Posted by Clare in Clare, live music, new releases, objectivity is overrated.
Tonight Tuesday Night: Hail Social, World Café, March 20, 2007 Friday, March 23, 2007
I know I should talk about the bands that came on before Hail Social, but…did The Swimmers‘ self-financed and -produced sophomore album come out the same day? Did I make Amos Lee laugh by calling his set “dinner theatre”? No, and no.
Blurry photos and a total lack of objectivity after the jump.
Hail Social is not generally a chatty band onstage, but on Tuesday they were cheerful and effusive, and rightly so, since their second album came out that day. The show at the World Café was special for a couple of reasons: Hail Social’s followup to their 2005 self-titled debut came out that day and the show was being recorded for WXPN’s Philly Local series, to be broadcast in April.
Much of Judy’s and my friendship is built on embarrassing ourselves at Hail Social shows. We can’t help it: Hail Social’s sound is dark and angular, with heavy, thumpy bass and metronome-precise drums. If it doesn’t make you want to dance, though, you must be lacking ears. We’ve lost count of how many times we’ve been to see them. We’ve not lost count of how many times we’ve chatted with the band after the show and they’re like, “Hey, you two again.” (WE JUST WANT TO BE FRIENDS WITH YOU, HAIL SOCIAL. IS THAT TOO MUCH TO ASK?)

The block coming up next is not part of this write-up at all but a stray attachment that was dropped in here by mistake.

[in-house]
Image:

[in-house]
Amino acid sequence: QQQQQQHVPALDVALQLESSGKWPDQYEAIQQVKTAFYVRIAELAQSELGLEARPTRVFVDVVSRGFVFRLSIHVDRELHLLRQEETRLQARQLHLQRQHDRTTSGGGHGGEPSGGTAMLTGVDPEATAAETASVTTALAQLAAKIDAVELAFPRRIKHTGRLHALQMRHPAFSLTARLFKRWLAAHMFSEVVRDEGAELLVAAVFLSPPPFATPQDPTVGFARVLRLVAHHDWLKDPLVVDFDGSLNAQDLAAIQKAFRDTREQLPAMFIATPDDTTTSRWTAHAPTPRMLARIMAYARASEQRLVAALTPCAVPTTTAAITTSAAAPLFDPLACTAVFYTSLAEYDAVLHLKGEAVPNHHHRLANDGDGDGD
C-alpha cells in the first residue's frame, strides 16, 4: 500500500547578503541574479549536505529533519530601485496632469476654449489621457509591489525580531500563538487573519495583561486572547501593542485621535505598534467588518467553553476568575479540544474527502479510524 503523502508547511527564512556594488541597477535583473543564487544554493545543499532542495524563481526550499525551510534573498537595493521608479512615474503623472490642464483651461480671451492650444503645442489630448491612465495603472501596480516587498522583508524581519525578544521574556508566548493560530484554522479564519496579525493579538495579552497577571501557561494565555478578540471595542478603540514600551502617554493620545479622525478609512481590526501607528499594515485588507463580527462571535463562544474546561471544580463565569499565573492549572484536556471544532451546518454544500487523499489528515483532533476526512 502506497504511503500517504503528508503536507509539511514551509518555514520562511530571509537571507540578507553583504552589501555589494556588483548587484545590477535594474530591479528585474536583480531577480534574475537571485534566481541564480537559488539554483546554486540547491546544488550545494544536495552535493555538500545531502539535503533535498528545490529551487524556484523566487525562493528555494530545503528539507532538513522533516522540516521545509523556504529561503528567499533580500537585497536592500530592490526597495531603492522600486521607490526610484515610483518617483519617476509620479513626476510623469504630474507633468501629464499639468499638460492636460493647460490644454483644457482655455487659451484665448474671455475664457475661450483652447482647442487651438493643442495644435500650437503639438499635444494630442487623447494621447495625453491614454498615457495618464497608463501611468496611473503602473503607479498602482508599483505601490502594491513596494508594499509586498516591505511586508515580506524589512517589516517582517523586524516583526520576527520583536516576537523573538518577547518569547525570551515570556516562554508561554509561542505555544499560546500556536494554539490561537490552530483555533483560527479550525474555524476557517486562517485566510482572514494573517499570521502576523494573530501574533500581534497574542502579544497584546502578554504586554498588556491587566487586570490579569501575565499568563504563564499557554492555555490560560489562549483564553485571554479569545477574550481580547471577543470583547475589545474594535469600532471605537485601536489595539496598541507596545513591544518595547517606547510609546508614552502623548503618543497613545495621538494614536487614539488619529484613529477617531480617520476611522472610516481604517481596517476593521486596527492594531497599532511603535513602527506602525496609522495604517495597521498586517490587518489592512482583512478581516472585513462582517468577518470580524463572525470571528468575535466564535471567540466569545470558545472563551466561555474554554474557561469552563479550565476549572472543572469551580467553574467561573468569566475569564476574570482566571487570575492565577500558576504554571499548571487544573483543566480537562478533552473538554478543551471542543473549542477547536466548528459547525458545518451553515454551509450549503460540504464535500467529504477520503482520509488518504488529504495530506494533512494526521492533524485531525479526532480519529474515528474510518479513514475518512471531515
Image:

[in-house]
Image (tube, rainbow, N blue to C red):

If Hail Social was a perfect record to have on while getting ready to go out on Saturday night, Modern Love & Death is the record to play once you get to the party/club/roller rink. It builds on the claim they made about their first record, that it was “’80s roller-skating music played by a metal band.” Singer Dayve Hawk handles the bulk of the songwriting duties.
With a few exceptions, Modern Love & Death has a more airy sound than Hail Social does. Songs like “Heaven” and “Anna Belle” achieve a floaty, almost bliss-pop sound.
A terrible, terrible photograph of the band. Not only can you barely see them, but you can’t see the rows of Las Vegas showroom-style tables filled with NPR listeners eating dinner. The show was free if you registered for NPR’s email list.
After a two-song set by WXPN favorite Amos Lee, Hail Social took the stage for a set of all-new material. Between songs, Hawk joked that he’d “never played with so many people sitting at tables.” During “Footsteps,” an eerie, Duran Duran-by-way-of-Stax Records meditation on paranoia, a fedora-clad fellow next to me (who I later learned was opener Scot Sax–oops again!) said of drummer Matt Maraldo to no one in particular, “That fuckin’ drummer, man, that fuckin’ drummer!”
Judy and I made our way to the lobby after Hail Social’s set to get the new album congratulate them on their successful new venture: dinner theatre.